Sometimes the Spaghetti
Likes to be Alone
About a third of the way through the 1996 indie-classic Big Night an unamed, barrel-bellied grocer holds a bottle of red wine to his lips, looks straight down the lens of the camera and mouths the opening lines of Rosemary Clooney’s camped-up Mambo Italiano. This signals the start of the epic night of the film’s title. For the next 20 minutes plot and character development are forgotten as we embark on an indulgent blow-by-blow depiction of what is, quite possibly, the best ever filmic portrayal of an Italian feast. Silent-movie style chapter cards introduce each course as a long table sighs under the weight of whole salmons, Italian flags of vibrant risotto,platters of roast birds, bowls brimming with globe artichokes, wine-doused pan-fried grapes and a glistening suckling pig. We watch close-ups on the diners’ softporn faces as they voyage on a journey from curious confusion to climatic ecstasy to rosy-cheeked exhaustion. As the meal comes to a close a female diner weeps into her plate of grapes and biscotti – “My mother was such a terrible cook.”
This is Primo (Tony Shalboub) and Secondo’s (Stanley Tucci) exquisite swan song. A moment in film that taught me a fundamental truth of life – modern notions of success don’t mean jack when pitted against the beautiful dignity of doing something simple really well. Primo and Secondo are two Italian brothers who have left their beloved homeland to come to small-town 1950s New Jersey. Their failing restaurant, Paradise, means something very different to each clashing brother. For chef Primo, it is his opportunity to educate American philistines to the joys of authentic Italian cooking. For maitre d’ Secondo it is a symbol of the boundless possibilities of the American dream. They are each losing their battle to the trashy glitz and deepset mediocrity of the rival Italian joint down the road.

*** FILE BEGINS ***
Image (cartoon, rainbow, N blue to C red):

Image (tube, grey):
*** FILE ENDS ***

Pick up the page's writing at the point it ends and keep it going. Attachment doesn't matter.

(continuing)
Co-written, co-directed and starring Tucci, he describes his cinematic baby as a portrayal of the conflict between art and commerce. Here, of course, food is art. It is the complex thing that will unite two brothers and will also tear them apart. They have come to the Promised Land in search of fortune and recognition and now have to decide how much of their integrity they are willing to sacrifice in order to succeed.
In the opening scene – one that Anthony Bourdain describes as a no-holds-barred ‘gut punch’ for chefs – two brash locals sit in the near-empty restaurant awaiting the usual bastardised Italian-American staples that they’ve come to know and love. There is a heartbreaking sadness in Secondo’s eyes as he explains, for what feels like the thousandth time, that double-starching is a no-no – there’s no need to order pasta with his brother’s perfect seafood risotto. When the customer ignores his advice and orders a side of spaghetti he must explain, to her chagrin, that it doesn’t come with meatballs – “Sometimes the spaghetti likes to be alone.”